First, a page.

My Car Quest

September 24, 2021

Chevrolet El Camino and Ford Ranchero – What’s In A Name?

by Mike Gulett –

Who needs a sports car like vehicle with a pick-up bed in the back? It turns out a lot of people who bought the Chevrolet El Camino and fewer who bought the Ford Ranchero thought that is exactly what they needed, or wanted.

Chevrolet El Camino

Chevrolet El Camino

It makes sense that working families would want a vehicle that could perform multiple duties like drive the family around one day and haul work supplies or livestock the next day. Then as today cost is important and dealing with a money expert may be helpful to working families.

Many pick up trucks on the road today are 4-door designs capable of carrying 4 to 5 people and hauling stuff in the freight bed. But this was not the case in the 1950s.

In 1934, Ford Australia’s designer Lew Bandt modified a coupe with a freight bed that could be used like a car or a pickup truck. Thus the coupe utility was created or “ute” as it is known in Australia. The Ford Ranchero was the first postwar American vehicle of its type adapted from a popular sedan from the factory. It combined the sleek looks of a sedan with the utility of a light-duty pickup truck.

Ford introduced the Ranchero in 1957 and continued producing it until 1979 (making more than 500,000). Chevrolet liked the idea so they followed suit and introduced the El Camino in 1959 and continued producing it off and on until 1987 (making around 1,000,000).

Ford Ranchero

Ford Ranchero

From the number of El Caminos I see on the road and at car events compared to Rancheros I would say a much higher percentage of El Caminos have survived than Rancheros.

Ford Ranchero

Ford Ranchero

Both Chevrolet and Ford chose a Spanish name for their car-truck. Ranchero means “rancher” in Spanish and Chevrolet chose the Spanish El Camino meaning “the way”.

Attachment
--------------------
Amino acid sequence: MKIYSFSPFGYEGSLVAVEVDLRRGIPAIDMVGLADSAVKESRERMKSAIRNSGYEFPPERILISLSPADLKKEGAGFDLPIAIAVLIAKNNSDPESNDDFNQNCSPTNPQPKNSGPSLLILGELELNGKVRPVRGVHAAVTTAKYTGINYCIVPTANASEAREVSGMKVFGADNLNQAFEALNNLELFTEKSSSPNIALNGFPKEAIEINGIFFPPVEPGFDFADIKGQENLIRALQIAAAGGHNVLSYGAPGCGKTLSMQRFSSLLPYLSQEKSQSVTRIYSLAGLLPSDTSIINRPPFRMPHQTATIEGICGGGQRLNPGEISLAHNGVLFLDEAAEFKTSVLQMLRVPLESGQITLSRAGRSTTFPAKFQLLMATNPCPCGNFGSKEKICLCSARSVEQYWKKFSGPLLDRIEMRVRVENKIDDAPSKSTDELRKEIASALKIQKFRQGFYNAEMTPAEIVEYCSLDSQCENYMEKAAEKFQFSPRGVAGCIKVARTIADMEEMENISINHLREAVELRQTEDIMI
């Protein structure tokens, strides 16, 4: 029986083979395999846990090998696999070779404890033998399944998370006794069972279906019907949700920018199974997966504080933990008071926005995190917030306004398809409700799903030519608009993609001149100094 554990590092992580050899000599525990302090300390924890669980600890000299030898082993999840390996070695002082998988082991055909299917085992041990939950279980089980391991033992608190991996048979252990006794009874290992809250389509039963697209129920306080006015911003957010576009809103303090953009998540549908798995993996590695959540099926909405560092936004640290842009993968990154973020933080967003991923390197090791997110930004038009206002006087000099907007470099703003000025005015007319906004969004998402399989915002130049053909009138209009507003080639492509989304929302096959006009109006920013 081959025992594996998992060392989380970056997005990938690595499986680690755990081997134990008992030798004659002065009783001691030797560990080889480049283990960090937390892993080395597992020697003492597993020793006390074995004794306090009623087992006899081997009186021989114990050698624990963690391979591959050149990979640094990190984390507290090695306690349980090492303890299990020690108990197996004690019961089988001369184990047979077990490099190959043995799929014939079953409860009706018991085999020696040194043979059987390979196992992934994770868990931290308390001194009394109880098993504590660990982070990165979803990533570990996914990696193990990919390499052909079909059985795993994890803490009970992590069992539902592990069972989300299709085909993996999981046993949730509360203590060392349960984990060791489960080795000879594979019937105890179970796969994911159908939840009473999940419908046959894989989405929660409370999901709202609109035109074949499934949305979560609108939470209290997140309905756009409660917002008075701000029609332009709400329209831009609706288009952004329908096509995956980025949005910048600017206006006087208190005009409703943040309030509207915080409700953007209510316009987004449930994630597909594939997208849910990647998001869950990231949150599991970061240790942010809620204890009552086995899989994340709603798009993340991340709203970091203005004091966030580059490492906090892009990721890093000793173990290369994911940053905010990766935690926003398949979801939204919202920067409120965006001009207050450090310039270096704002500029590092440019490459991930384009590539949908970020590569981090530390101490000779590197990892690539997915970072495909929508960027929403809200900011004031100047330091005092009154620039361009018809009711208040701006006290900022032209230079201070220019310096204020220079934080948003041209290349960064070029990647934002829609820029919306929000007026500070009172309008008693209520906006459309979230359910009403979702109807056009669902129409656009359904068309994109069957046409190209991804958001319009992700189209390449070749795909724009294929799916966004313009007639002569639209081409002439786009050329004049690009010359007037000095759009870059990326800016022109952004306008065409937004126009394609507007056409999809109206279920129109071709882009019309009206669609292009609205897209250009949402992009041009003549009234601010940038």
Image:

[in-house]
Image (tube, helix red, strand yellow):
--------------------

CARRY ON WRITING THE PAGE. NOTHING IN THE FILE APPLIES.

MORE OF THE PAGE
“The way” sounds kind of zen like but it is also part of the name of a famous road in California, El Camino Real, which stretches from San Diego to San Francisco. El Camino Real means “the royal road” or “the king’s highway”.

Chevrolet El Camino

Chevrolet El Camino

The California El Camino Real was created by the Spanish missionaries as they established the California missions. All California missions are less than a one day walk from the El Camino Real. Now with a car they are only a few minutes drive from this famous road and many rancheros drive this road regularly.

Any name that attracts California car buyers is always helpful because of the size of the market.

Chevrolet El Camino

Chevrolet El Camino

Chevrolet El Camino

Chevrolet El Camino

Both the El Camino and Ranchero have become collectable but I see many that have been customized as is the American way.

I like the El Camino and my wife likes the Ranchero. Go figure.

The photos were taken at the Goodguys car show in Pleasanton, California in 2014 by Mike Gulett.

Let us know what you think about the El Camino and the Ranchero in the Comments.

Ford Ranchero

Ford Ranchero

More photos are in the two slide shows below.

Chevrolet Logo

Ford Logo

A version of this article was originally published in May 2014.
Summary
Chevrolet El Camino And Ford Ranchero - What's In A Name?
Article Name
Chevrolet El Camino And Ford Ranchero - What's In A Name?
Description
Why drive a sports coupe with a pick-up bed in the back? Chevrolet El Camino and Ford Ranchero owners know why.
Author

Comments

  1. Ken Phillips says

    Mike, These are great vehicles. I have had a ’70 SS 396 El Camino for a long time. We only show it now. But it is fast, weighs about the same as a new Porsche. This one is geared long … I always thought if I was going to run away from home it would be my choice as it would take all my favorite stuff and I could just cruise out to Carmel like you did.
    Ken

  2. jake krone says

    Mike, I had a 69 El Camino in 1972, with Cragar SS wheels and Thrush sidepipes, that I towed my Elan autocross car. Worked great as I could throw jacks, extra wheels, toolbox, etc. in the back easily.

  3. I own the Dodge version/take on this vehicle, the Rampage. It is quite a different version since it is FWD and much smaller but yet, still have the 1/2 ton load capacity. It was based on the L Body Charger/Turismo (earlier the 024/TC3) that started with the Dodge Omni and Plymouth Horizon. Mine has a larger 2.5L Turbo engine swapped from a LeBaron but using the wiring from an Omni GLH Turbo.

  4. JimmyRay says

    I had a 72 & a 73 that I used for EVERYTHING. I wished I had kept the 72.

  5. wallace wyss says

    I like Vaquero , the Spanish word for cowboy. Why not continue the trend Spanish names.And hae a hand tooled leather door pane; option….

Speak Your Mind

*